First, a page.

The visit to the current hotspot of racial unrest comes after Trump defended a gunman accused of killing two protesters.
US President Donald Trump has visited Wisconsin, the city where Jacob Blake, a 29-year-old Black man, was paralysed after being shot in the back seven times by police.
The visit on Tuesday September 1, 2020, comes despite urging from local officials, including the state’s governor, that the president’s presence would further agitate the days of unrest that have followed the August 23 shootings and which, at times, have turned violent.
The governor of Wisconsin has said Trump’s visit to Kenosha will ‘hinder our healing’.
“I am concerned your presence will only hinder our healing,” wrote Governor Tony Evers in a letter to Trump earlier this week.
The president is set to meet with law enforcement and survey “property affected by recent riots”, according to the White House.
Trump said on Monday he would not meet Blake’s family.
He said he spoke to Blake’s mother’s pastor to set up a phone call with the family but demurred because “they wanted to have lawyers involved and I thought that was inappropriate”.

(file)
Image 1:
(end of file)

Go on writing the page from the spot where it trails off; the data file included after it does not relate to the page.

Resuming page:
However, shortly before leaving Washington for Kenosha, Trump told reporters his team was still “making that determination” on a meeting with the family.
The Blake family instead plans to hold a counter-event during Trump’s visit, according to the US media.
On Monday, when asked about concerns his visit could make matters worse, Trump responded, “Well it could also increase enthusiasm, and increase love for our country.”
The controversial visit fits into Trump’s larger message that Democratic opponent Joe Biden has sided with “anarchists” and “rioters” amid the unrest.
The president, in recent weeks, has increasingly sought to focus attention on what he calls the threat to American cities and suburbs, and away from the coronavirus pandemic.